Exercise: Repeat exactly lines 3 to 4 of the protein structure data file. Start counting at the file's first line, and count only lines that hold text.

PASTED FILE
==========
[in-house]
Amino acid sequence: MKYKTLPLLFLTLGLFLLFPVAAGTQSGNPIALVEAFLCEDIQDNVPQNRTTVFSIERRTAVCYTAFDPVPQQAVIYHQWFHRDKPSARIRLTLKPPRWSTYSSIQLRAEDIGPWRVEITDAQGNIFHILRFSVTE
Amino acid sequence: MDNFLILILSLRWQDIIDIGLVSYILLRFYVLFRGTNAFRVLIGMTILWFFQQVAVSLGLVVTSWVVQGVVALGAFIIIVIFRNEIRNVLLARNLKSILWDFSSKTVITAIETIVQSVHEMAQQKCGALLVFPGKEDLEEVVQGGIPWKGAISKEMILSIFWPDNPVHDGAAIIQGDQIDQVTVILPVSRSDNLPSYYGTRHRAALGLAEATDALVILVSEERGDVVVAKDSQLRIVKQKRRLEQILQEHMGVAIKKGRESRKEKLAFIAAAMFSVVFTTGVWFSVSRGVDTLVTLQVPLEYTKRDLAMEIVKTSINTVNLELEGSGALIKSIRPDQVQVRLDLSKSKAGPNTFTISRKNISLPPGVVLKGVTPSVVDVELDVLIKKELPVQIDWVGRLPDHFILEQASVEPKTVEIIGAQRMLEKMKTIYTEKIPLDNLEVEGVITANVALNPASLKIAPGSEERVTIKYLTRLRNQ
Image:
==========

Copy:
Amino acid sequence: MDNFLILILSLRWQDIIDIGLVSYILLRFYVLFRGTNAFRVLIGMTILWFFQQVAVSLGLVVTSWVVQGVVALGAFIIIVIFRNEIRNVLLARNLKSILWDFSSKTVITAIETIVQSVHEMAQQKCGALLVFPGKEDLEEVVQGGIPWKGAISKEMILSIFWPDNPVHDGAAIIQGDQIDQVTVILPVSRSDNLPSYYGTRHRAALGLAEATDALVILVSEERGDVVVAKDSQLRIVKQKRRLEQILQEHMGVAIKKGRESRKEKLAFIAAAMFSVVFTTGVWFSVSRGVDTLVTLQVPLEYTKRDLAMEIVKTSINTVNLELEGSGALIKSIRPDQVQVRLDLSKSKAGPNTFTISRKNISLPPGVVLKGVTPSVVDVELDVLIKKELPVQIDWVGRLPDHFILEQASVEPKTVEIIGAQRMLEKMKTIYTEKIPLDNLEVEGVITANVALNPASLKIAPGSEERVTIKYLTRLRNQ
Image: